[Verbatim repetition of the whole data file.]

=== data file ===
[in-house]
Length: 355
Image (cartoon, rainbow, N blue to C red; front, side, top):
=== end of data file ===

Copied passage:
[in-house]
Length: 355
Image (cartoon, rainbow, N blue to C red; front, side, top):